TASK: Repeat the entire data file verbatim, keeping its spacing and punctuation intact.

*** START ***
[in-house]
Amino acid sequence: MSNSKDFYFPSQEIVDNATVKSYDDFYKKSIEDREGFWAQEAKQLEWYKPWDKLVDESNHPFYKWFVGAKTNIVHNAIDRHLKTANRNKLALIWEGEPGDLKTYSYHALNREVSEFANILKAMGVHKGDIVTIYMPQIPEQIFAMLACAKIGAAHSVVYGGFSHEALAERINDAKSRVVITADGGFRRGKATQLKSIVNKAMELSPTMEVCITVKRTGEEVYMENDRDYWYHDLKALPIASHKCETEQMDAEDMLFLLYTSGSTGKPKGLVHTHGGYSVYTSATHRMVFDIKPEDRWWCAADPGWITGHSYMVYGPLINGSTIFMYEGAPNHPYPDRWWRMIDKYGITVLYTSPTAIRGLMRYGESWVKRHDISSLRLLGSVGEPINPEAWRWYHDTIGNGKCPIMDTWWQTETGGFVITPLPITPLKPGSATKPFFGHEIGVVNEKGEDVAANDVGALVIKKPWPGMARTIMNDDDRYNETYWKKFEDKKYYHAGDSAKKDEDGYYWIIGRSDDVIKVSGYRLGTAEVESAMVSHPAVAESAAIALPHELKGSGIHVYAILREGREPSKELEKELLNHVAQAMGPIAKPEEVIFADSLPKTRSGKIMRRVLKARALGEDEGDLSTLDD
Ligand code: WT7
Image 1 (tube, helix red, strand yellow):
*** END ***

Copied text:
[in-house]
Amino acid sequence: MSNSKDFYFPSQEIVDNATVKSYDDFYKKSIEDREGFWAQEAKQLEWYKPWDKLVDESNHPFYKWFVGAKTNIVHNAIDRHLKTANRNKLALIWEGEPGDLKTYSYHALNREVSEFANILKAMGVHKGDIVTIYMPQIPEQIFAMLACAKIGAAHSVVYGGFSHEALAERINDAKSRVVITADGGFRRGKATQLKSIVNKAMELSPTMEVCITVKRTGEEVYMENDRDYWYHDLKALPIASHKCETEQMDAEDMLFLLYTSGSTGKPKGLVHTHGGYSVYTSATHRMVFDIKPEDRWWCAADPGWITGHSYMVYGPLINGSTIFMYEGAPNHPYPDRWWRMIDKYGITVLYTSPTAIRGLMRYGESWVKRHDISSLRLLGSVGEPINPEAWRWYHDTIGNGKCPIMDTWWQTETGGFVITPLPITPLKPGSATKPFFGHEIGVVNEKGEDVAANDVGALVIKKPWPGMARTIMNDDDRYNETYWKKFEDKKYYHAGDSAKKDEDGYYWIIGRSDDVIKVSGYRLGTAEVESAMVSHPAVAESAAIALPHELKGSGIHVYAILREGREPSKELEKELLNHVAQAMGPIAKPEEVIFADSLPKTRSGKIMRRVLKARALGEDEGDLSTLDD
Ligand code: WT7
Image 1 (tube, helix red, strand yellow):